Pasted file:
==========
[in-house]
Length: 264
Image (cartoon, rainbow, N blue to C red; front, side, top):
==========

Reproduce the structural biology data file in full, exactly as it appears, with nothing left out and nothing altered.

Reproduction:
[in-house]
Length: 264
Image (cartoon, rainbow, N blue to C red; front, side, top):